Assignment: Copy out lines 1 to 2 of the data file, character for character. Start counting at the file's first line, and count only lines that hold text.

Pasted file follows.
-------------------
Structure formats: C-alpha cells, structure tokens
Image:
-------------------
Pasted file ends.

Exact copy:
Structure formats: C-alpha cells, structure tokens
Image: